The Lexington Philharmonic Orchestra ended its regular season Friday night with an uneven concert conducted by its music director Scott Terrell. A performance of Beethoven’s iconic Symphony No. 5, one of the most familiar monuments of Western art music, was touted as the evening’s main event, but was plagued by both ensemble and balance issues. On the other hand, the orchestra played beautifully when accompanying guest organist Paul Jacobs in the relatively unfamiliar Organ Symphony No. 1 by Felix-Alexandre Guilmant.
Jacobs played the three-movement work with astounding virtuosity and convincing musicality. He continually treated the audience to inventive, colorful registrations on the organ, sometimes choosing several distinct combinations of stops for several phrases in a row, and performed with a real showman’s panache. The orchestra responded with vigor, alternately blending and contrasting its timbres with the myriad organ sonorities concocted by Jacobs. The second movement was a particularly lovely pastorale, giving the Philharmonic’s woodwinds plenty of opportunity for gorgeous lyricism, especially flutist Pei-San Chiu. The third movement built to a magisterial finale, with the orchestral brass supplementing the organ’s full open pipes to thrilling effect.
Jacobs received a vociferous ovation, and graciously offered a substantial encore, which was nothing short of magnificent.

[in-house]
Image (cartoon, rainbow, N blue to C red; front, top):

By contrast, the Philharmonic seemed out of kilter throughout the Beethoven. As soon as he had gained the stage after intermission, Terrell abruptly began the symphony, seeming to rush through the opening motivic statement of the famous “fate knocking at the door” theme. The tempo never seemed settled after that, a tension that lingered throughout the subsequent movements. Entrances were not tight. Isolated gestures stuck out. Certain passages rushed. Nor did the orchestral voices balance as well as they usually do, often overwhelming inner parts and occasionally even allowing accompaniment figures to drown out the melody. In short, it was a rather perfunctory performance of Beethoven’s Fifth, an adequate reading, but under-realized. It was nice to hear the work live, but it didn’t pack its usual powerful wallop due to the unfocused rendering of the musical score.
The concert began with a peculiar American work, Lollapalooza by minimalist composer John Adams. The bumptious piece offers a herky-jerky energy offset by piquant harmonies, but it was hard to discern any true melody. The Philharmonic’s performance seemed precise, but they took a very full, legato approach to this bouncy music, whereas more rhythmic incisiveness might have helped sell it better. But as a concert-starter, it did its job — all it really needed was a tune.
So what have we learned from this concert? Certainly, great masterpieces are not to be underestimated, and lesser-known works are not to be ignored. Sometimes the beauty of live performance derives from taking the measure of civilization’s greatest art works, even if one falls a bit short. And sometimes it comes from the surprise of encountering an unfamiliar piece, offered with sterling musicianship and compelling interpretation. Both signs of living art were evident in the Lexington Philharmonic’s season finale.
Tedrin Blair Lindsay is a musicologist, pianist and voice coach at the University of Kentucky.